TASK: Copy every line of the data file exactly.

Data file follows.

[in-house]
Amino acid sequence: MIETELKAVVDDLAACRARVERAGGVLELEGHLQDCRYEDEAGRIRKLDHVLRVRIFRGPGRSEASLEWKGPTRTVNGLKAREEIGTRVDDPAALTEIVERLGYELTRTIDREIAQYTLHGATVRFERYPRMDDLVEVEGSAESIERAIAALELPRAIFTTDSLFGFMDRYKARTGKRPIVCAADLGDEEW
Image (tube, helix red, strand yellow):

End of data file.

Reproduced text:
[in-house]
Amino acid sequence: MIETELKAVVDDLAACRARVERAGGVLELEGHLQDCRYEDEAGRIRKLDHVLRVRIFRGPGRSEASLEWKGPTRTVNGLKAREEIGTRVDDPAALTEIVERLGYELTRTIDREIAQYTLHGATVRFERYPRMDDLVEVEGSAESIERAIAALELPRAIFTTDSLFGFMDRYKARTGKRPIVCAADLGDEEW
Image (tube, helix red, strand yellow):